Saturday, March 15, 2014

On the Pennsylvania Railroad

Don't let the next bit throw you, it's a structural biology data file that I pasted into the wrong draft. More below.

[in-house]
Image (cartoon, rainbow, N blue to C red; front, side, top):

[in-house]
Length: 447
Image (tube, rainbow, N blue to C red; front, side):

On the Pennsylvania Railroad: A little more than a decade after the first steam locomotive (Tom Thumb) made its debut in the United States, the Pennsylvania Railroad (PRR) received a business charter from Harrisburg in 1846. For most of the 1830s, Pennsylvania spent millions of dollars on canal construction, effectively trying to replicate New York's Erie Canal success. But the state's bankruptcy in 1841 (due to excessive spending on the canals) forced Pennsylvania to embrace railroads as an emerging transportation technology. Although the PRR's initial strategy was to model itself after the Baltimore & Ohio Railroad, it quickly became the B&O's biggest competitor for both passenger and freight traffic between the Northeast and Midwest. By the mid-1850s, the PRR had reduced travel times between Philadelphia and Pittsburgh from 3.5 days to just 13 hours. In the 1860s, the PRR was the first American railway to use domestically-produced steel rails and install air brakes on its train cars. These decisions helped the PRR become the world's largest corporation in the 1880s. With approximately 30,000 employees and revenues in the hundreds of millions, the "Pennsy" had outgrown even the federal government. However, its growth became stunted by the simultaneous emergence of air travel and interstate highways in the mid-20th century. The PRR went bankrupt in 1968.

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